Communication Professor Stephen Hartnett knows that education can transform lives. In this op-ed he highlights the partnership between CU Denver and the Colorado Department of Corrections (DOC) which brings college classes to prisons and changed the life of Ben Boyce. He wrote, “The former addict and prisoner became Dr. Boyce, a beloved and respected communications professor at CU Denver. Dr. Boyce’s story offers a blueprint for how we can break the cycle of recidivism and position prisoners for success after they serve their time.”
After a semester without implementing them, Communication Associate Professor Amy A. Hasinoff has decided that penalties for late work mainly create intense anxiety for students and may not provide that much payoff for instructors. She wrote, “As the pandemic wears on, conversations about pedagogy in higher ed have been turning to kindness, compassion and care. One specific way we can be compassionate with students is to stop using late penalties.”
Colorado House Bill 22-1287 includes a slew of protections for mobile home owners and amounts to a new bill of rights for those residents. “Bills like this could strengthen, could support and grow affordable housing stock for decades,” said Esther Sullivan, Assistant Professor of Sociology, who has conducted extensive research on mobile home residents and parks in the United States and wrote the book Manufactured Insecurity: Mobile Home Parks and Americans’ Tenuous Right to Place.
The call for applications for the Chancellor's Faculty Fellow has been expanded to include individuals in all faculty positions. As of March 17, 2022, leadership made this opportunity available for all CU Denver faculty – lecturers, instructors, clinical teaching track, tenure-track and tenured faculty – and has extended the application deadline to Monday, April 4 at noon.
The Chancellor’s Faculty Fellowship was announced in July 2020 as a result of Chancellor Michelle Marks’ Equity Listening Sessions. Nominated annually to one-year terms, the Faculty Fellow will focus each year on a different topic of strategic priority to CU Denver. The primary responsibilities of the faculty fellow are to advise the chancellor and CU Denver leadership team related to the topic as well as to work on projects that support the designated topic. As an advisor to the Chancellor and leaders across the university, leadership will look to the
The CLAS Staff Council invites your nominations for Outstanding Staff in the College of Liberal Arts and Sciencesto be recognized for excellence in service and engagement on behalf of the College in the categories listed below. Please read the details of the eligibility criteria for each award and the nominations review process posted on the CLAS Staff Council website. You can find the nomination form here, and questions can be directed to firstname.lastname@example.org.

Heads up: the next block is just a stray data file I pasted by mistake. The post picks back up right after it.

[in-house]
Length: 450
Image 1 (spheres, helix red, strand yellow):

The award categories are:
CLAS Outstanding Staff Award
You may nominate an individual staff member for more than one award category as long as they meet the eligibility criteria. However, an employee may not be selected as the winner for more than one award category. Nominations will be accepted until March 31st, and the winners will be notified by Staff Council by April 25th.
Share your story related to being a Black, Indigenous, and/or Person of Color (BIPOC) student, staff, and faculty member at the University of Colorado Denver. A new 2-day Digital Storytelling Workshop on the Auraria campus has 12 open positions available for CU Denver community members who self-identify as BIPOC. The workshop will take place Fridays, April 22 and 29th, from 12 noon to 5:00 pm. Location details coming soon. Each participant receives a $250 stipend after completing the two-day workshop. Facilitators: Dr. Marty Otañez (Anthropology), Dr. Bryan Wee (Geography & Environmental Sciences), and Donica Snyder, Art Therapist. Funds Provided by the DEI Office and CLAS Council on Diversity, Equity, and Inclusion.
Clinical Associate Professor of History Cameron Blevins’s book Paper Trails: The US Post and the Making of the American West has been selected as winner of the Outstanding Non-Fiction category for the 2022 Western Heritage Awards. Known as the “Oscars of the West,” the Western Heritage Awards honors individuals who have made significant contributions to Western heritage through creative works in literature, music, television, and film that share the great stories of the American West. Paper Trails will be honored at an awards ceremony on April 9th alongside other works including the critically acclaimed Netflix film Power of the Dog and the popular television series 1883.